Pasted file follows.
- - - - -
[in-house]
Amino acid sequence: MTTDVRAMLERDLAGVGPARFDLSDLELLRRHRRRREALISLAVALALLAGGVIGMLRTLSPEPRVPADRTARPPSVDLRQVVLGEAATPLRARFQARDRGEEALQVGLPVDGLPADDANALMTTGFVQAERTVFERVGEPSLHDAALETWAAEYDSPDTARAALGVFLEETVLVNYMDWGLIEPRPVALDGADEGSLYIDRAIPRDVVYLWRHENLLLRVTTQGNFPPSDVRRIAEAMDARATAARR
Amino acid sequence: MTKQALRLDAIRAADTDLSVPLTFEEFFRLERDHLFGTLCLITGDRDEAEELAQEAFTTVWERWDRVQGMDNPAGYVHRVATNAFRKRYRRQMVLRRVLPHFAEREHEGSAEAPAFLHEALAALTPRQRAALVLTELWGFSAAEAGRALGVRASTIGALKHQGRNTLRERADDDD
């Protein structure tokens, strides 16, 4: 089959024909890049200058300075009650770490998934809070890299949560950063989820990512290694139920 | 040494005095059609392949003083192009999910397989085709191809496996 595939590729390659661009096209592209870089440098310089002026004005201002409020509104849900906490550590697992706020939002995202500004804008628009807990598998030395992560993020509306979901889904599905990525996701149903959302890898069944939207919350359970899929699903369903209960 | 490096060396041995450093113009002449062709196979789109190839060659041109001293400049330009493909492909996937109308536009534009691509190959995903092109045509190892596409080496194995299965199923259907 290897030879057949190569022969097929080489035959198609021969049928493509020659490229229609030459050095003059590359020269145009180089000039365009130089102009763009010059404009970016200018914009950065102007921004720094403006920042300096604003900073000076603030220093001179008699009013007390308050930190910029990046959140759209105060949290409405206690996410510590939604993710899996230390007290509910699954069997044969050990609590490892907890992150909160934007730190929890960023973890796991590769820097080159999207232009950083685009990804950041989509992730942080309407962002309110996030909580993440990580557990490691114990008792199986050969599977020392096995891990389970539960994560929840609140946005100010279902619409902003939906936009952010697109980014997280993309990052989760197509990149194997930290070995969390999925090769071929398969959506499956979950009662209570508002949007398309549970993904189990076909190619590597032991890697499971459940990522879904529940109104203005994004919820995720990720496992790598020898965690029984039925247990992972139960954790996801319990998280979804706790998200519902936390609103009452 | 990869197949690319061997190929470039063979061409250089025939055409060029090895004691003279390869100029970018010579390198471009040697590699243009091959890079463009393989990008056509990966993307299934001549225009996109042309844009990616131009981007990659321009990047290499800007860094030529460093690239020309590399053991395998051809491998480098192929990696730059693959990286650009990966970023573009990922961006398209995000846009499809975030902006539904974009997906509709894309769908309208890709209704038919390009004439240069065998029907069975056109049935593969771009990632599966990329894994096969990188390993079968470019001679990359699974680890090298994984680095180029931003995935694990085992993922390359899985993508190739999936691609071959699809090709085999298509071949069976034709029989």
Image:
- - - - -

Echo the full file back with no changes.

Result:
[in-house]
Amino acid sequence: MTTDVRAMLERDLAGVGPARFDLSDLELLRRHRRRREALISLAVALALLAGGVIGMLRTLSPEPRVPADRTARPPSVDLRQVVLGEAATPLRARFQARDRGEEALQVGLPVDGLPADDANALMTTGFVQAERTVFERVGEPSLHDAALETWAAEYDSPDTARAALGVFLEETVLVNYMDWGLIEPRPVALDGADEGSLYIDRAIPRDVVYLWRHENLLLRVTTQGNFPPSDVRRIAEAMDARATAARR
Amino acid sequence: MTKQALRLDAIRAADTDLSVPLTFEEFFRLERDHLFGTLCLITGDRDEAEELAQEAFTTVWERWDRVQGMDNPAGYVHRVATNAFRKRYRRQMVLRRVLPHFAEREHEGSAEAPAFLHEALAALTPRQRAALVLTELWGFSAAEAGRALGVRASTIGALKHQGRNTLRERADDDD
């Protein structure tokens, strides 16, 4: 089959024909890049200058300075009650770490998934809070890299949560950063989820990512290694139920 | 040494005095059609392949003083192009999910397989085709191809496996 595939590729390659661009096209592209870089440098310089002026004005201002409020509104849900906490550590697992706020939002995202500004804008628009807990598998030395992560993020509306979901889904599905990525996701149903959302890898069944939207919350359970899929699903369903209960 | 490096060396041995450093113009002449062709196979789109190839060659041109001293400049330009493909492909996937109308536009534009691509190959995903092109045509190892596409080496194995299965199923259907 290897030879057949190569022969097929080489035959198609021969049928493509020659490229229609030459050095003059590359020269145009180089000039365009130089102009763009010059404009970016200018914009950065102007921004720094403006920042300096604003900073000076603030220093001179008699009013007390308050930190910029990046959140759209105060949290409405206690996410510590939604993710899996230390007290509910699954069997044969050990609590490892907890992150909160934007730190929890960023973890796991590769820097080159999207232009950083685009990804950041989509992730942080309407962002309110996030909580993440990580557990490691114990008792199986050969599977020392096995891990389970539960994560929840609140946005100010279902619409902003939906936009952010697109980014997280993309990052989760197509990149194997930290070995969390999925090769071929398969959506499956979950009662209570508002949007398309549970993904189990076909190619590597032991890697499971459940990522879904529940109104203005994004919820995720990720496992790598020898965690029984039925247990992972139960954790996801319990998280979804706790998200519902936390609103009452 | 990869197949690319061997190929470039063979061409250089025939055409060029090895004691003279390869100029970018010579390198471009040697590699243009091959890079463009393989990008056509990966993307299934001549225009996109042309844009990616131009981007990659321009990047290499800007860094030529460093690239020309590399053991395998051809491998480098192929990696730059693959990286650009990966970023573009990922961006398209995000846009499809975030902006539904974009997906509709894309769908309208890709209704038919390009004439240069065998029907069975056109049935593969771009990632599966990329894994096969990188390993079968470019001679990359699974680890090298994984680095180029931003995935694990085992993922390359899985993508190739999936691609071959699809090709085999298509071949069976034709029989």
Image: